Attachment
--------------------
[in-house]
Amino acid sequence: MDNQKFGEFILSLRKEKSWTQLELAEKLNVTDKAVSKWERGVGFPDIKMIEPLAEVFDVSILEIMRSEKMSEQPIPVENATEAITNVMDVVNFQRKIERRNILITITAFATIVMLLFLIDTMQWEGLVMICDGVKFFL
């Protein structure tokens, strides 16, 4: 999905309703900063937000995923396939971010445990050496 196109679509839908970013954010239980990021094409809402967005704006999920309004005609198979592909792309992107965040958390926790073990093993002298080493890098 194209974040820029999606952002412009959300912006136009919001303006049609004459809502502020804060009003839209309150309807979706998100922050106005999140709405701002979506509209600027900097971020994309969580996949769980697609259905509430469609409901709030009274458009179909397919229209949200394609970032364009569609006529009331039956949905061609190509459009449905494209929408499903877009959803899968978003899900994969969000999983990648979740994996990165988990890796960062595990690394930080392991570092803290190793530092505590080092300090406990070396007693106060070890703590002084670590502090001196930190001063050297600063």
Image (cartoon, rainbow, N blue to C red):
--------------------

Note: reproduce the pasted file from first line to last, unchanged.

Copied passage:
[in-house]
Amino acid sequence: MDNQKFGEFILSLRKEKSWTQLELAEKLNVTDKAVSKWERGVGFPDIKMIEPLAEVFDVSILEIMRSEKMSEQPIPVENATEAITNVMDVVNFQRKIERRNILITITAFATIVMLLFLIDTMQWEGLVMICDGVKFFL
């Protein structure tokens, strides 16, 4: 999905309703900063937000995923396939971010445990050496 196109679509839908970013954010239980990021094409809402967005704006999920309004005609198979592909792309992107965040958390926790073990093993002298080493890098 194209974040820029999606952002412009959300912006136009919001303006049609004459809502502020804060009003839209309150309807979706998100922050106005999140709405701002979506509209600027900097971020994309969580996949769980697609259905509430469609409901709030009274458009179909397919229209949200394609970032364009569609006529009331039956949905061609190509459009449905494209929408499903877009959803899968978003899900994969969000999983990648979740994996990165988990890796960062595990690394930080392991570092803290190793530092505590080092300090406990070396007693106060070890703590002084670590502090001196930190001063050297600063």
Image (cartoon, rainbow, N blue to C red):